Some of the vicissitudes of the sea-voyage are related in the sketch of the life of Robert Gardiner. However, Margaret has left this brief account of the entire journey from Liverpool to Salt Lake City: “Had a very bad voyage on board the Emerald Isle, with 37 deaths. Nearly eight weeks on the ocean. Coming to Echo canyon we stopped, where brother Gardiner worked on the railroad in John W. Young’s camp, under William Snow. Came into Salt Lake in the latter part of November 1868, on a load of coal, as far as the First Ward, then walked from there up to the Salt Lake Theatre, where we found friends who took us in until we found a place to stay.” While in New York she had to dispose of many choice articles of linen and other cherished possessions which she acquired in Dundee, on account of the strict restrictions placed upon the emigrants, to lighten the weight of the luggage they were permitted to carry on the long journey over the plains and mountains, Much has been written of the terrible hardships and harrowing experiences of the Pioneers while crossing the plains, “Where bones of the dead men lay,” but Margaret never referred to any of these unpleasant things. Of course, the railroad had been completed to Fort Benton, Nebraska, and from that point ox teams were attached to the 54 wagons, which reached Slat Lake City, September 15th 1868. She often related how she and her young companions walked beside the teams, plucking wild flowers which bordered the road in rich profusion, as they sang the songs that carried their memories back to their native land of “brown heath and shaggy wood,” or the songs of Zion, which had awakened in their souls the anticipated beauties of their prospective home in the mountains. Many years later one of her children asked her: “Would you not like to go back to Scotland?” “No,” she answered,- “O, maybe for a visit; but this to me is the land of Zion, and here I wish to live in the fellowship of the Saints of God.”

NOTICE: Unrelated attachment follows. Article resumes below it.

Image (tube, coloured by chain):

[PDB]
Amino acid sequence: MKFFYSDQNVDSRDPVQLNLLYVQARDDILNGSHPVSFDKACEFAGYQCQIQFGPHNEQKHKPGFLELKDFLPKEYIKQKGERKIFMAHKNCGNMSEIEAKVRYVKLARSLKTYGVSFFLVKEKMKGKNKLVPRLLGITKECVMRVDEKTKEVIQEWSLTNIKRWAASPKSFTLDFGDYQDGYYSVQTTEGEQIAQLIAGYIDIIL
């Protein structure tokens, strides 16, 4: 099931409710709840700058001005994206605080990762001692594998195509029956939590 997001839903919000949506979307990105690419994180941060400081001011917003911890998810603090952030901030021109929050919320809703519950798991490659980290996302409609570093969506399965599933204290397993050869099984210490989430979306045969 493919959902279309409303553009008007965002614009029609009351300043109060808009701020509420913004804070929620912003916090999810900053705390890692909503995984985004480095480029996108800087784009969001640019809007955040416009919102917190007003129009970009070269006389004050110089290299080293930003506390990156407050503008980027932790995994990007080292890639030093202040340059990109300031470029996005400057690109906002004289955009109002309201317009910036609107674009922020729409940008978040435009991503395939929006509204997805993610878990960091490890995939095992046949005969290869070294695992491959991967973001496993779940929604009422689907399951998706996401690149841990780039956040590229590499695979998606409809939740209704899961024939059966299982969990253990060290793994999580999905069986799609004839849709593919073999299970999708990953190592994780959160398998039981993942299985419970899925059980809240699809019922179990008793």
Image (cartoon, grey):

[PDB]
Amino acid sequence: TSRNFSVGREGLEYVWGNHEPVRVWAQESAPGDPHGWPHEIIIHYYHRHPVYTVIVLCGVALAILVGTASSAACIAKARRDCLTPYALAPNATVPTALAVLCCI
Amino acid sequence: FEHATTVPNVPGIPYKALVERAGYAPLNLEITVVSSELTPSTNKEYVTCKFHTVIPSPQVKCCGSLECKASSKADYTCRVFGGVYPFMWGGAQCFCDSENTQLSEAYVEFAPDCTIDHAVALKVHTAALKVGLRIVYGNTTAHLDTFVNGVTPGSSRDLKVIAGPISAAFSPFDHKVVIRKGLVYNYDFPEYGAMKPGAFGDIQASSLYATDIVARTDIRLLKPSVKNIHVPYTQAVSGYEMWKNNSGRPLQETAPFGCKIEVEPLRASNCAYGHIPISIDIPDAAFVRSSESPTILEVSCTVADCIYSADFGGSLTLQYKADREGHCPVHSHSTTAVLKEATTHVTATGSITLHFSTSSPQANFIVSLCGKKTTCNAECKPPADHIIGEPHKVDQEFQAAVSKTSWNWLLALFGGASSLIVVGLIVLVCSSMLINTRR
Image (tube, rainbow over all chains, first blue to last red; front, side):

The first home of Robert and Margaret Gardiner in Salt Lake City was in the 20th ward. Mr. Gardiner immediately began to set up in his trade of confectioner, and by thrift and ceaseless endeavor was soon able to build a fine two story home in the 14th ward, where some of the older children of the family of ten were born. After acquiring a substantial fortune for those times, the family moved to a farm about six miles west of the city, where the younger members of the family were born. In June of 1894 they again moved into the 14th ward and in the latter part of 1902 moved into the 11th ward, at 1243 Alameda Avenue, which continued to be the family home until the children married and moved away, and it was here that Margaret spent her last days.